Notable offensive players in the 2013 NFL draft, grouped by projected NFL positions:
Geno Smith, West Virginia: Mixed reviews on Smith, who possibly suffered because of 2012’s strong class Solid build Gets rid of ball quickly, but has had some accuracy problems Questionable ability to read blitz Can make completions on run Capable of big plays.
Matt Barkley, USC: Comes off disappointing and injury-plagued final season at USC Has played throughout his career with Trojans in pro-style offense A leader Inaccurate on deep balls and over middle at times Tips off where he is throwing Tough player and resilient.
E.J. Manuel, Florida State: Tall, athletic Has overcome injury issues in college, played entire 2012 season Pretty good arm, can make most throws accurately Gambles too much, makes some ill-advised throws Leaves pocket too quickly at times.
Mike Glennon, North Carolina State: At 6-foot-7, tallest QB in this group Has arm strength teams want Inconsistent and mistake prone for most of career Doesn’t read coverages well.
Landry Jones, Oklahoma: Big disappointment as senior, but his previous performances with Sooners make him attractive Best pure pocket passer of top QB prospects Feels pressure and scrambles too soon Makes mistakes throwing on run.
Eddie Lacy, Alabama: Follows Mark Ingram and Trent Richardson as productive Tide runner Knows how to handle big games Powerful, can run over tacklers Might be only RB to go in first round.
Giovani Bernard, junior, North Carolina: Good balance of production in running game and passing game Might play role as be kick returner.
Montee Ball, Wisconsin: Record-setting runner who uses his solid build at 5-10, 215 to spring free from behind mammoth blockers Always had ball in his hands for Badgers Holds NCAA mark for TDs, even tied single-season record with 39 in 2011.
Joseph Randle, junior, Oklahoma State: Versatile, can break a big gainer Led Big 12 in rushing with 1,417 yards Can play all three downs Finds end zone.
Le’Veon Bell, junior, Michigan State: Big, durable back at 6-2, 227 Never stops coming and wears down defenders Won’t do a lot in passing game.
Tavon Austin, West Virginia: Can break a long play every time he touches ball Also will be dynamic returning kicks Goes only 5-8, 175, but never takes a big hit Won Paul Hornung Award as most versatile college player.
Keenan Allen, junior, California: Slow to recover from knee injury after once being rated top WR prospect Runs precise routes, has good size at 6-2, 206 Not a speed demon, but gets open and fights for ball.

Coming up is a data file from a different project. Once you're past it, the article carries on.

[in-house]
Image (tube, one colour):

Cordarrelle Patterson, junior, Tennessee: Also can make impact as kick returner Scored touchdowns in four ways in 2012 Runs pretty good routes and can get open deep Does not have great hands.
DeAndre Hopkins, junior, Clemson: Spectacular at times, has excellent footwork Scored 18 touchdowns in 2012 Has no fear of going after ball in crowds Nice size at 6-1, 215.
Robert Woods, junior, Southern California: Big-time player for Trojans for first two seasons, but slumped like rest of team last year Elusive, knows how to avoid first hit Can make awesome grabs, then drop easier ones.
Tyler Eifert, TE, Notre Dame: The Irish have a strong history at position The Bishop Dwenger graduate doesn’t drop ball Much more a receiving tight end than blocker Won Mackey Award as nation’s best TE.
Zach Ertz, junior, Stanford: Top prospect from school that produces tight ends . Had most receiving yards of any TE in country Solid at 6-5, 250 Difficult to bring down when he latches on to ball.
Luke Joeckel, junior, Texas A&M: Rated as top prospect for all positions by several analysts Strong, aggressive, but also mobile Solid fundamentals Should be starter from Day 1 and for long time.
Eric Fisher, Central Michigan: Big performance at Senior Bowl and in workouts enhanced his status Could play on left side or right Excels as pass blocker, but is no slouch in run game, either Has strong leadership skills.
Lane Johnson, Oklahoma: Also can play left or right tackle Tall (6-6) for this position, but has flexibility and nice surge off ball A former tight end who went from junior college to backup with Sooners to standout.
D.J. Fluker, Alabama: No fluke that he’s played on last two national champions One of best run blockers in America Needs to upgrade his pass blocking Probably projects as right tackle in NFL.
Menelik Watson, junior, Florida State: Football was fourth sport Native of England who played soccer, boxed and planned college basketball career Learned American football’s intricacies at junior college, then made big impact for FSU.
Chance Warmack, Alabama: Best blocker on college football’s best team Played for three national champs Surges off snap to establish his territory Will handle big defenders inside, but could struggle with speed rushers.
Jonathan Cooper, North Carolina: Unlike Warmack, Cooper should do well as pulling guard Good pass protector because of agility Probably needs to get stronger for heavy work inside.
Larry Warford, Kentucky: Solid player on bad team Huge man at 6-3, 333, uses his size well Has nasty streak on field that serves him well.
Kyle Long, Oregon: Son of Hall of Famer Howie Long, brother of Rams DE Chris Long A bit inexperienced – baseball was his No. 1 sport – but coachable Could be long-range project, but has bloodlines to succeed.
Barrett Jones, Alabama: Among nation’s most versatile players – linemen or otherwise Comes at defenders every play, even will bark at teammates in heat of game Played all over O-line for Alabama, won Outland Trophy and Rimington Trophy.
Travis Frederick, junior, Wisconsin: Badgers do linemen well, and Frederick is versatile prospect Can also play guard Strong, but with enough mobility to make blocks toward outside Has a lot to learn as pass protector.
Brian Schwenke, California: Improved throughout college career Gets off ball well Well-coached player who relies on strong technique as well as mobility Not as powerful as he’ll need to become.